We can see Brad Johnson throwing to Joe Jurevicius over here. We can see Michael Pittman heading to the hole over there. We can, in fact, see any number of Glazers grinning from ear to there.
So I ask you, was it enough?
Knowing how the story ends, are you satisfied with the details along the way? Knowing that Tampa Bay's offense eventually would be sufficient, are you willing to change your early review?
Knowing that you will have it all, would you still want more?
Yup, I thought so.
Such is the plight of NFL offenses. Given just enough, we want more than enough. Given tolerable, we want terrific. We want the offense to enter on a red carpet and exit from the back of the end zone.
Does it matter that the Bucs offense moved farther as the season grew longer? Or that the offense's understated style was the perfect complement to the defense's outlandish successes?
Perhaps yesterday, but not today.
And definitely not tomorrow.
It's unfair, of course. It's downright greedy, if you want to know the truth. The Bucs have a defense for the ages, a championship forever and a lot of people wondering whether the offense will ever catch up. What's the sense in being tall and dark if you're not handsome, too, right?
This condition of selfishness is not unique to Tampa Bay, although it may be more acute. You see, we've never actually had a gorgeous offense. We've barely had cute and occasionally cuddly. In Tampa Bay, an explosive attack has much in common with a yeti. We've heard of it, we've even seen grainy footage of it, but we have yet to see that sucker up close.
You know how many years the Bucs have been playing? Twenty-seven. You know how many times they've had an offense rank in the top 10? Once. That was in 1984 when Tampa Bay's offense reached its zenith at No. 10.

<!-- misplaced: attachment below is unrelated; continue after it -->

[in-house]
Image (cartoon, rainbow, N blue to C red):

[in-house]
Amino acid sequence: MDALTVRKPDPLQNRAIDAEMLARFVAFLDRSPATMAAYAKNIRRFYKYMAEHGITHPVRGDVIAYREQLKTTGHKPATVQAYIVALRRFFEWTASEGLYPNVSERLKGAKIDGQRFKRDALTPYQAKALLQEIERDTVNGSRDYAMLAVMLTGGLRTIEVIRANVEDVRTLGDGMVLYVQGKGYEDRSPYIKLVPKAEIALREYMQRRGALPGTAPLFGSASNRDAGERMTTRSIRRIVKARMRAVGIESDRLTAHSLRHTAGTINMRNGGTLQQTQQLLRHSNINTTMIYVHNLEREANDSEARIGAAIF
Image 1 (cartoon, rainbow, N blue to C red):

Since then the Bucs have yet to finish in the top half of the league in total offense. That would be 18 years, six head coaches, five playoff appearances and one Super Bowl title.
Statistics such as these tend to make Jon Gruden's eyebrows head south. A year ago, he inherited a pitiful excuse of an offense and he took it to the Super Bowl and beyond. Is it possible we're being a wee bit demanding?
"Ten or 12 or 14 years ago I never remember Mike Holmgren or Bill Walsh talking about quarterback ratings or where we rank in the run or the pass," Gruden said. "Some teams, quite honestly, make a lot of yards when the game is over. Is that what you're after? Getting behind and throwing the ball? Statistics can be so misleading."
Misleading in what way? Perhaps like Kansas City having the No. 4 offense in the NFL last season and going 8-8? Or Denver coming in at No. 3 and missing the playoffs? Or Minnesota, with the No. 2 offense in the entire NFL, and finishing with more losses than victories?
The fact is, by season's end the Bucs had an offense that was a perfect fit for this franchise. Effective, if not overwhelming. Smart, if not garish. When Brad Johnson was at quarterback, the Bucs were an efficient, low-risk unit that rarely put its defensive mates in awkward spots.
"We were really good at not turning the ball over, which is the No. 1 stat in football," Johnson said. "And what we were really, really good at was taking advantage of a short field. If we got the ball at the 50, or wherever, we scored. The year before, we struggled just getting into field-goal range in those situations. Last year, when we got the ball there, we scored.
"What's unfortunate is that so many people measure offenses by rankings because we're not playing for rankings. We're going to sit on the ball when we have a lead. And we're going to go for the end zone when we have a chance. That's the whole point of the game."
The offense that arrived at Disney's Wide World of Sports last year bore little resemblance to the one that walked off the field in January in San Diego. The team had grown comfortable with Gruden's system and Gruden had a better understanding of how to capitalize on each player's talent.
With that in mind, the offense should evolve even further this season. The offensive line has been upgraded, the playbook has been adjusted and the opportunity for familiarity has grown.
Even so, do not expect this offense to wheel or deal. Receivers are not going to streak past too many cornerbacks and ballcarriers are not going to turn a lot of corners. Cannons will only occasionally thunder and these Bucs will rarely plunder.
So I ask you, will it be enough?
Can you live with a touch of razzle and a schmear of dazzle? Will you be satisfied with scores that come in low and victories stacked high?
Do you want flashy or do you want effective?
Because, in hindsight, the answer eventually will be clear.